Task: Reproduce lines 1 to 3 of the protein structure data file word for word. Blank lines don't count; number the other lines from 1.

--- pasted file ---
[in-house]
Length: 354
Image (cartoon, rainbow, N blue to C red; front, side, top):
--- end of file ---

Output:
[in-house]
Length: 354
Image (cartoon, rainbow, N blue to C red; front, side, top):